Sunday 17 December 2017

we rely too much on sexton

Our gameplan depends on out-half playing well - others must share load

Well, I got last week wrong and that's for sure! I had expected a comfortable win with Ireland having raised their level to deal with an improving Wales.

Instead, we got an Irish team slightly out of kilter and as the game went on, with no discernible improvement in accuracy, the team struggled to adapt.

The best laid plans of mice and men and all that... Our approach had been so ruthless in the previous games that it was as if we hadn't countenanced on it not being successful. We were left with some poor decision making at the death and one-out runners.

These were bludgeoned by a Welsh defence that put on one of the more impressive rearguard displays I've ever seen.

Maybe I shouldn't have been surprised but I have been by the opprobrium now been cast on Joe Schmidt.

Ireland have not set the world alight and yet have been winning, ten on the trot prior to last week. I feel that our coach will learn more about himself after this loss than over the majority of those wins.

He still is learning his trade on the international stage and whereas he has had remarkable success there are still many pitfalls, seen and unseen, that lurk in the international game.

Not taking points and opportunities as of last week are some such lessons. And maybe the biggest lesson yet, nothing can be taken for granted - Wales were well capable of learning from past faults.

Bullied in the second half against England they had no intention of succumbing so meekly again. It was as good a performance as they have strung together. They had few opportunities to score but took every one of them.

The manner of their defence in that extraordinary passage of play was phenomenal. They were lucky not to be penalised for some blatant fouls but they rode that luck. There was something heart warming to be watching a team that had bee inexorably driven back over their own 22, heartwarming if you weren't Irish, of course.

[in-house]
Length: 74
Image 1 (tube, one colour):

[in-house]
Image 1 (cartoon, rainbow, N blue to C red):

The one-out pounding of the line would have worked against most teams but not Wales in this form. We needed more and yet we reverted to what has succeeded against lesser or more inexperienced teams.

That is the one criticism that does stack up. Ireland need a bit extra, a bit more guile. We have grown accustomed to getting a 9/10 performance from Sexton, he was not at that level and the team suffered for it.

It maybe highlights the flaw in building the game-plan entirely around one player, others need to share the mantel, for the players' sake and the teams.

Paradoxically, we may not need to change too much for tomorrow but we do need the fallback position. We also need to score tries and we need to score points and lots of them.

Wales will wipe the floor with Italy and England will have the benefit of knowing exactly what they need to score to win the championship. Winning isn't good enough alone, we will have to win with points to spare.

Wales will set us a target but we have to presume that England will do more. France could, of course, win but that just doesn't seem at all likely.

So even though we have been conservative for the duration of this tournament Schmidt has to decide whether he will change the focus sufficiently.

Is the style we have shown enough to beat Scotland by the most points or do we go all out from the start to blitz Scotland away?

A lot of the good work could be undone by getting this decision wrong and that is why only the most masochistic among us take the coaching route.

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